For most Americans, retirement isn't necessarily something to look forward to. Instead, it's a source of financial concern, with a recent survey from Capital One showing that 68% of Americans think they won't have enough money in their later years. And this was before the coronavirus, which has caused even more concern about retirement readiness due to unprecedented job losses and stock market volatility.
If you're worried about having the cash you need as a senior, you don't have to just resign yourself to living on less. You can take these four steps right now to build a bigger nest egg that your future self will thank you for.
1. Figure out what you actually need to save
While the majority of Americans are worried they won't have enough to retire, most don't even know what enough is. That's because, according to another survey, as many as 60% of people haven't even calculated how much they need to set aside for their later years.
You can't know whether you're on track for a secure future if you don't know what your goal is, so setting your goal is the first step. There are several ways to set a retirement goal, but one of the easiest is to assume you'll need 10 times what you're earning when you stop working. Estimate your final salary by assuming you get a 2% raise each year from now until retirement, multiply that number by 10, and that's how much you should have invested for your future.
2. Break big goals into smaller ones
Once you have your target number, you know how much you need to save over your career. But it doesn't do you much good to simply figure out that you need $1 million in 20 years -- that's too big a number and too long a timeline.
Instead, break down your big goal into a series of small ones. Figure out how much you need to save each year, then each month, so you can hit your target and have enough for retirement savings. If you're 30 with nothing invested and you want to save $1 million by age 67, for example, you'd want to set a goal for yourself of saving about $480 a month if you expect to earn a 7% return on your investment. That way, it's much easier to figure out if you're accomplishing that goal. Retirement calculators are a great starting point to understand how much you need to save to reach your goals.
3. Make retirement savings mandatory
If you've set a specific monthly goal for yourself, you can make sure you achieve it by automating transfers to your retirement accounts every payday. If you have access to a workplace 401(k), it's easy to sign up and set up automatic deductions from your paycheck. Online brokers and banks also allow for automated investing, so you can do this on your own with an IRA, too.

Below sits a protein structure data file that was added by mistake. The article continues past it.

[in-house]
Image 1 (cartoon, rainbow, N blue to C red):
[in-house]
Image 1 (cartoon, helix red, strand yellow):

It helps to have a budget when you're automating your retirement investments to ensure that the disappearance of your money into your retirement accounts on payday doesn't leave you with too little to cover necessities. When you create your budget, make retirement savings an essential bill like rent and utilities.
4. Don't forget to factor in healthcare, taxes, and inflation
Healthcare and taxes will both take a big bite out of your retirement accounts, while inflation can eat away at your buying power.
If you're retiring 37 years from now, for example, $1 million may seem like a lot, but it'll only be worth about $322,664 in today's dollars after accounting for rising prices over time. And you have to pay taxes on your withdrawals too, unless you're entirely invested in Roth accounts. Meanwhile, Medicare does provide some healthcare coverage, but out-of-pocket spending for a senior couple already tops $369,000 during retirement, according to some estimates. It's likely to be even more by the time you're ready to quit working.
If you haven't set your retirement goals to factor in medical costs, taxes, and inflation, you may have set your target too low and should reevaluate.
Planning helps build a more secure retirement
By figuring out how much money you'll need, setting the right goals, and prioritizing retirement investing, you should be able to provide yourself with financial security, even if the coronavirus is currently affecting your ability to save.
If you want to join the minority of Americans who are confident they have the cash they need, take these four steps today to get on the right path.